When I talked about my fear of getting locked in bathroom stalls in “There’s Nothing To Fear,But Maybe This,” I felt a little validated. Maybe I’m not an over thinker. I actually learned that other people have that fear and wonder if others might share my other legitimate fears.
Such as pet fish.
We had a pet goldfish when I was roundabouts 9 or 10. It was orange-ish, going against the gold name given to it, with a black splotch on its tiny cheek that was shaped like Mickey Mouse. An MM fanatic, I named the fish Mickey and had grand plans for us. It liked swimming, I loved swimming, so we had a lot to talk about. It liked Mickey Mouse so much that it had that birthmark or tattoo in the shape of the mouse’s head. I loved Mickey so much that I collected a ridiculous amount of his products. Dolls, bedspreads, that vest I mentioned in this post along with countless other clothes, and a Mickey Mouse phone.
Mickey and I had a few good weeks. My mom probably fed him, but I stared at him a lot and imitated how he opened and closed his mouth.
Then the day came. It was time to clean his room. Another thing Mickey the Goldfish and I had in common was that we hated cleaning our own rooms. My mom recruited me to help, because this was a family fish, and I was supposed to learn some sort of responsibility besides keeping him company. She poured a bit of his water into some container somewhere. For the sake of the story, we’ll assume it was a classy vase, perhaps. Maybe a crystal bowl from Tiffany’s, a store we don’t have here. I’ll bet it even had “Mickey” etched into it, even though he was only to swim in there while we cleaned his belongings.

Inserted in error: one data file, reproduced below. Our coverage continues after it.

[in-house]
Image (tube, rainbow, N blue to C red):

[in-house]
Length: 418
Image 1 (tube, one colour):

So, yes, my mom poured his water into the bowl, because you aren’t supposed to just toss your family fish into brand new water. They need to slowly adjust to the new environment. Stubborn bloke that he was, Mickey didn’t just fall into the personalized crystal Tiffany’s bowl. He wanted to be escorted to it by my mother. So she got his classy Fish Grabby Net so she could scoop him up and place him in his temporary play-place. With great concentration, my mom scooped him into his net and tried to give him a comfortable ride to his upscale temporary swimming hole.
Not that I can entirely blame him, because I’m not good with unexpected moves, but Mickey freaked out. In mid-air, he jumped out of the Fish Grabby Net and free fell for three feet before landing flat on the kitchen floor. He flopped around, helpless and confused, misunderstanding our intentions. I squealed, not understanding why he would just jump out like that. And in our kitchen! How couldn’t he know that we only had good things in store for him?? How could he just flop around in the room where I got my snacks?
With each flop, my legs felt weak and my stomach dropped. Maybe because my squeal also got louder and higher with each jump, my mom wasn’t picking him up fast enough for my liking.
“GET HIM!” I squeaked, “PUT HIM AWAY! MAKE IT STOP!” I pulled the neck of my shirt up to hide my eyes while my mom fumbled with the Fish Grabby Net and finally put Mickey in his luxurious temporary suite.
But I couldn’t get over this.
Mickey jumps? Could he just jump out of his bowl whenever he wanted?
What if say I were the only one awake, which was common on a summer morning once my mom left for work. And I groggily came to the kitchen to fill a bowl with cereal. Could I accidentally step on a flopping Mickey?? I could just feel the sensation when I thought of it.
Over the years, my worries grew and grew, until I imagined pet fish waiting until I was asleep, jumping out of the comfort of their homes, flopping their ways to my room, and… well, I’ve never figured out what they would do. Slime my face? Poke my nostrils? Stare at me until I woke up?
The possibilities are endless. I didn’t ask for another fish after Mickey was, um, sleeping with the fishes.